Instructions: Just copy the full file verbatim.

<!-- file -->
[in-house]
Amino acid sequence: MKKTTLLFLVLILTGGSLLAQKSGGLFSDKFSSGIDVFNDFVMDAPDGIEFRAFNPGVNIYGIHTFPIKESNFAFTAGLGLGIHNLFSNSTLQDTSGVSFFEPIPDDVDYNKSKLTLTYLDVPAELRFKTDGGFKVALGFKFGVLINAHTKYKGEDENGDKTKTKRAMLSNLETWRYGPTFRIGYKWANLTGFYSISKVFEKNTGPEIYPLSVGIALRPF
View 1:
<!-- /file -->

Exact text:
[in-house]
Amino acid sequence: MKKTTLLFLVLILTGGSLLAQKSGGLFSDKFSSGIDVFNDFVMDAPDGIEFRAFNPGVNIYGIHTFPIKESNFAFTAGLGLGIHNLFSNSTLQDTSGVSFFEPIPDDVDYNKSKLTLTYLDVPAELRFKTDGGFKVALGFKFGVLINAHTKYKGEDENGDKTKTKRAMLSNLETWRYGPTFRIGYKWANLTGFYSISKVFEKNTGPEIYPLSVGIALRPF
View 1: